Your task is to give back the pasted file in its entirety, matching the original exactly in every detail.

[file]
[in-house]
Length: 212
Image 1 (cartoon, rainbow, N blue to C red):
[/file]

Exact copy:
[in-house]
Length: 212
Image 1 (cartoon, rainbow, N blue to C red):